Nick Ferrari 7am - 10am
Jeffrey Epstein fund halts victim payments 'after running out of cash'
5 February 2021, 07:55
A compensation programme supposed to provide money to dozens of women who said they were abused by financier Jeffrey Epstein has abruptly suspended payouts, saying it has temporarily run out of cash.
The announcement by the Epstein Victims' Compensation Programme came through a release that blamed the suspension on uncertainty about the liquidity of estate assets needed to finance payouts.
Officials said the fund would have up to 630 million dollars (£460 million) when it started its operations last June.
But the shutdown came after only 50 million dollars (£37 million) had been paid out, according to a release put out by the fund, which was established with the approval of a judge in the Virgin Islands.
It said payments will not resume before March 25, the deadline to file claims. The deadline to register for the programme is Monday.
According to the release, the programme's 150 claims to date have far exceeded expectations; when the fund began, the programme said there was expected to be over 70 claims.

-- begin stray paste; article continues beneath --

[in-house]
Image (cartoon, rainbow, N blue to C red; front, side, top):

Jordy Feldman, the fund's administrator, said the suspension of payouts was necessary to protect those who have not yet resolved their claims.
"Issuing a compensation offer that cannot be timely and fully funded and paid, consistent with the way the Programme has operated to date, would compromise claimants' interests and the guiding principles of the Programme," Mr Feldman said.
The fund provides an alternative to pursuing claims through the courts. Working with Mr Feldman is Kenneth Feinberg, a well-known mediator who oversaw compensation funds for victims of the September 11 attacks and of clergy sex abuse within New York's Roman Catholic archdiocese.
It was established after Epstein, 66, killed himself at a Manhattan federal jail in August 2019 while he awaited trial on sex trafficking charges that alleged he abuse women and girls under the age 18 at his Florida estate and his Manhattan mansion in the early 2000s.